Subjects :Mainly geological formations, wildlife elusive (reptiles and insects). Landmark cultural and spiritual. Amongst them, the geological formations called "TWO DOGS" (PUPA for Aborigines). The non-Aboriginal people call this rock formation "salt and pepper" or "castle", but Aboriginal people prefer to see two dogs sitting, one yellow and one white. Another important education is to the south west of TWO DOGS: this is called "MAN OWNER OF THE DOGS" (Wati for Aborigines), meaning "man owner of the dogs." It is a sacred place for the local Aboriginal people. E ', therefore, required to respect the places and traditions. Particularly striking the sunsets and sunrises, affecting the sky and rock formations at 360 °. Incredible!
Recommended equipment :Wide angle to medium telephoto. Tripod when shooting at dusk and dawn (strongly recommended, also because in Coober Pedy, there was not much to do!). Good hiking clothing, also to prevent the presence of reptiles (I have not given the shadow ...). They move around by car (a 4x4 recommended) then the weight of the equipment is not a problem. If you want to go trekking is recommended that one good backpack with two shoulder.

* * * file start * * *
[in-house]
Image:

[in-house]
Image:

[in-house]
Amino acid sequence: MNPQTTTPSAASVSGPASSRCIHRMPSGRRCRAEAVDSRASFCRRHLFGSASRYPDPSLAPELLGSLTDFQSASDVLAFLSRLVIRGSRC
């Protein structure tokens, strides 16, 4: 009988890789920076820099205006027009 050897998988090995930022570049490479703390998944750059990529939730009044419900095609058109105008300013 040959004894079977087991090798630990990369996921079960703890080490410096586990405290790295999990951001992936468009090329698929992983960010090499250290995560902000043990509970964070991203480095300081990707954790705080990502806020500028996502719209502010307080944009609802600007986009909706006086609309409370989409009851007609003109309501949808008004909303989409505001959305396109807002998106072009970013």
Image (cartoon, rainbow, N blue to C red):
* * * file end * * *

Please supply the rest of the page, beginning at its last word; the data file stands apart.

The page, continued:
Best months :All year round 24 hours a day without interruption. However, inadvisable the hottest periods of the southern summer (winter for us) where they can be reached 50 ° C. The place is quite isolated and is therefore not advisable to venture into paths without adequate resources, equipment and water supply.
How to get there :The reserve is located at 33km from the center of Cober Pedy and is easily reached in about 30 minutes. From Cober Pedy along the seventeen mile road and take the Stuart Highway north and follow it for about 25 km, careful with driving directions placed on the roadside, turn right onto a dirt road (quite easy) follow it down to about 8 km.
Visits :Free visit. It is not required to pay any ticket to enter the reserve.
Notes :The place is quite isolated and little used and is therefore not advisable to venture into paths without adequate resources, equipment and water supply, especially during the hottest months of the year.